Posted by CD Aquatics on Apr 20 2023
As the warmer months approach, now is a great time for home gardeners to try hydroponics. If you’re lacking in garden space, or have no outdoor space at all, a hydroponic system may be the perfect solution for you. Some pre-made hydroponic systems can cost hundreds of pounds, but if you’d prefer to save money, why not consider a homemade hydroponic system? Armed with supplies including PVC pipes, a pond pump and some DIY magic, you can create a DIY hydroponic system for indoor or outdoor use.
You can grow almost any plant using hydroponics, however, growing salad vegetables is a firm favourite with novice hydroponic gardeners. Hydroponic tomatoes, lettuce and spinach are all relatively easy to grow in both indoor and outdoor settings. Hydroponic strawberries can be grown all year round, which is one of the benefits of gardening without soil. When choosing hydroponic plants, avoid top-heavy plants as the roots may struggle to support the weight since they float in nutrient water and are not buried in soil.
There are many different ways to set up a hydroponic system at home, but this system uses the Nutrient Film Technique (NFT). This technique requires the growing tubes to be set at an angle so that with the help of gravity and a pump, nutrient-rich water can flow continuously over the hanging roots of the plant. The plant’s roots aren’t completely submerged in the water, instead, a thin layer or film of nutrients covers the roots of the plants as the water flows.
To save space, this hydroponic system will be built and fixed to a wall at an angle, however, you can build a simple frame using additional PVC pipes with elbow and tee fittings if you have the space.
Here is a list of the supplies you’ll need to set up your NFT hydroponic system:
An open-top, water-tight container for the reservoir. This container needs to be able to hold between 30 to 75 litres of water.
2 PVC pipes (4” wide)- The length you choose will depend on how big you want your hydroponic system to be and how many plants you want to grow. Shorter pipes are a good choice for beginners as the plants will receive equally concentrated amounts of nutrient solution. Systems with longer pipes need to have the PH levels checked regularly as the nutrient and oxygen levels in the solution reduce when the water has to flow further.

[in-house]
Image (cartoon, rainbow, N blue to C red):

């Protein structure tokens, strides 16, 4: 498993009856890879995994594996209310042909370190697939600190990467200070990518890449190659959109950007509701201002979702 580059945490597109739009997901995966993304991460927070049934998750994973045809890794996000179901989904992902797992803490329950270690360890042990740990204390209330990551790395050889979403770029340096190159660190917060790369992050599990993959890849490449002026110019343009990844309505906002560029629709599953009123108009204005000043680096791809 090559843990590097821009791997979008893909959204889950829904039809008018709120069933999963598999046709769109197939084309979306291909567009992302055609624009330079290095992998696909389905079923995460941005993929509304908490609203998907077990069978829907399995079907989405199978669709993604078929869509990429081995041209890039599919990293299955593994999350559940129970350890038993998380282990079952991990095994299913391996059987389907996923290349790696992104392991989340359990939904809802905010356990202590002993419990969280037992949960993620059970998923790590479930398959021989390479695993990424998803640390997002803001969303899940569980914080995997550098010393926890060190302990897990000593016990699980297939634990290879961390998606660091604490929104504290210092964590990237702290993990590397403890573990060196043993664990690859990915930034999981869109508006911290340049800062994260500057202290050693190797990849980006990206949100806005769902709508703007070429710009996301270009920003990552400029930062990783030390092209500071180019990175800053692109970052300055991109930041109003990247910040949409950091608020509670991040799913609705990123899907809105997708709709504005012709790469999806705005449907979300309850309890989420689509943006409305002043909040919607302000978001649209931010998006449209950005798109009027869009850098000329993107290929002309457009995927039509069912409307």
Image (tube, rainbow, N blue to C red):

2 PVC pipes (2” wide)- These should be around 12 inches long
3 PVC pipes (2” wide)- each piece should measure 4 inches long
1 End cap (4” wide)
3 x 4” wide PVC pipe reducers (these allow the 4-inch pipes and 2-inch pipe to connect
3 Elbow joints (2-inch diameter)
4 Pipe clips (4-inch diameter)
Net cups (2.5-inch diameter)
Pond pump - a pump that can deliver around 2100 litres per hour should be sufficient
Hose for the pump
Plant nutrient solution
Plants (choose lightweight plants such as lettuce or herbs)
Waterproof adhesive to connect the pipes.
First, fix two of the reducers to the 2 large PVC pipes that will become the grow tubes. One end will be connected to the reservoir via a hose as an inlet and the other end will be connected to the grow tubes, via a series of small pipes. When connecting the pipes, use a waterproof adhesive to prevent any leaks.
Make equally spaced markings along the large PVC pipes in preparation for drilling 2-inch holes. The holes need to be a little bit smaller than the net pots so they’re a snug fit.
Using a hole saw, cut 2-inch wide holes into the pipes using the markings as a guide. Smooth the holes with sandpaper to clear any debris. Repeat this step on both large PVC pipes to create the grow tubes for this project.
Next, it’s time to connect the pipes to create the system. This will be done while attaching the grow tubes to the wall. Take the first tube and fix it to the wall using the pipe clips. Using a spirit level, make sure it is fixed at an angle.
Then, take one of the 4” long pipes and attach it to the larger PVC tube via the reducer. Then fix one of the elbows to the 4” long pipe. Next, take the 12” long pipe and connect it to the other end of the elbow.
Add another elbow to the end of the 12” pipe to be connected to the second grow tube.
The second grow tube will need to be attached to the wall before connecting it to the first grow tube. You may need some assistance with this part.
Attach another 4” long pipe to the elbow and fix it to the grow tube, then repeat step 5 until you have two connected grow tubes.
At the end of the second grow tube, attach the second 12” long pipe so it’s pointing down towards the reservoir. This will serve as an outlet for the water as it exits the grow tube and flows back into the reservoir.
Now it’s time to attach the pump. Fix the small pump inside the reservoir and attach the hose to the pump and the first grow tube. Switch the pump on to make sure the water is flowing through the system and coming back out to the reservoir.
Now it’s time to add the nutrients to the water in the reservoir and add your plants to the grow tubes. Then step back and marvel at your space-saving DIY hydroponic garden.
If you’ve been inspired to get into hydroponic gardening and you want to build a PVC hydroponic setup, CD Aquatics stocks many of the supplies you’ll need to get started with DIY hydroponics. Contact our friendly team who will help you to find the right pipes and fittings for a homemade hydroponic system.
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